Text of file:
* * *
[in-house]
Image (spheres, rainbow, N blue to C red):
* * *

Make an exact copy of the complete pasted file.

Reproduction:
[in-house]
Image (spheres, rainbow, N blue to C red):